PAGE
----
The Scottish Negotiating Committee for Teachers (SNCT) has formally reached agreement on a new three year pay deal for Scotland's teachers and associated professionals.
This follows more than 12 months of negotiations, and all sides of the SNCT (teaching unions, local government and Scottish Government) are pleased that a final agreement has now been reached. All parties also agreed that the pay element of the agreement will be implemented as soon as is practicable.
Agreement has been reached on:
John Swinney, Deputy First Minister and Cabinet Secretary for Education, said: "The formal agreement of this deal will deliver the fair pay rise that teachers deserve and I am pleased that all parties have managed to reach consensus."
"This is a welcome outcome which reflects the partnership approach we want to take with local government and the professional associations, providing certainty on pay, a shared agenda on addressing workload, additional support for learning and empowering schools."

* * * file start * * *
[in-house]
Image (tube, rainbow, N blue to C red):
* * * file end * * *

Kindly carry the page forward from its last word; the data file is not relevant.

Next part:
"Reform is at the heart of our plans to improve Scottish education and this landmark partnership agreement will provide the stability we need to deliver the best possible outcomes for our young people."
Councillor Gail Macgregor, employers' side Chair said: "I am pleased that we have today agreed a three year pay deal for teachers. Building on the stability that this deal provides, we will work with our colleagues in the SNCT to address some of the other issues raised in the negotiations as we continue to put children and young people at the heart of Scottish education."
EIS Salaries Convener Des Morris, also the SNCT Teacher's Side Chair, said: "We very much welcome the fact that, after protracted negotiations, a formal pay agreement has now been reached via the SNCT."
"The three-year pay settlement that has been agreed will provide a long overdue boost to teachers' salaries, and help to address concerns over teacher recruitment and retention."
"We also welcome the additional joint commitments in the agreement to support teacher professional development and reduce workload through increasing teacher agency and school empowerment."